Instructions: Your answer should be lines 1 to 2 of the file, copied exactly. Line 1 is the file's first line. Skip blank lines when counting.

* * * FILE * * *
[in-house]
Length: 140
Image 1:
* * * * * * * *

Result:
[in-house]
Length: 140